For much-neglected common sense reasons:
We have all seen claims by neuroscientists that “the self is nothing but an illusion,” or that “free will does not exist,” or that “the mind and consciousness are nothing but brain activity, ” or, best of all, that “religion is a delusion, as it is nothing but brain mis-firings.” But from a neuroscientific perspective these extravagant claims are difficult to accept. When the data supporting such claims are examined in detail, they typically support much more modest claims, such as that “the sense of self is significantly associated with enhanced (relative to baseline conditions) ventromedial prefrontal brain activity,” or that “one aspect of religious cognition is associated with increased levels of dopaminergic activity in mesocortical dopaminergic circuits,” and so on.
In short, the “nothing but…” claims are really claims concerning brain activity correlates of some mental or cognitive process. The fact that any given higher cognitive process is associated with some change in regional brain activation patterns, of course, does not at all indicate that the regional brain activity pattern in question explains everything you need to know about that cognitive process.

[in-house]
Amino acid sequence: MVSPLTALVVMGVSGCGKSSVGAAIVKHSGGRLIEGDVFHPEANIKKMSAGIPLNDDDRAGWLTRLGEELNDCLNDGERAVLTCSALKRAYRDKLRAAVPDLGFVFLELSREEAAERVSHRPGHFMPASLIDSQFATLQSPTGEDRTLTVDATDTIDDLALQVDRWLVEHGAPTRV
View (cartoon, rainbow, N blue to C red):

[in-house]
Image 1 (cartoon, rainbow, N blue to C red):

The apparent thinking behind deflationary claims like “X is nothing but…” is that partial truths can fully explain larger, more complete and essential truths. But in most cases the essential truth concerns the whole, and wholes cannot be explained simply by decomposing them into their constituent parts. There is some reality and autonomy to each level of inquiry in any given scientific investigation or field. To state the obvious: water has something that hydrogen and oxygen molecules do not have when considered separately. A behavior, a cultural norm, a mental experience, and a cognitive process all have something that cannot be found when each phenomenon is decomposed into its constituent parts. The whole, particularly in the realm of behavior, is always greater than the sum of its parts.Patrick McNamara, ““Nothing but…” reductionism is not good science: why I as a neuroscientist reject reductionism. ” at Society of Catholic Scientists
Keeps his job, we hope.
See also: Mike Egnor on why Coyne and Hossenfelder are wrong to deny free will. Egnor: Now let’s get to the neuroscience. Neuroscience has a lot to contribute to the debate over free will and all of it supports the reality of free will. There isn’t a shred of neuroscientific evidence that contradicts the reality of free will.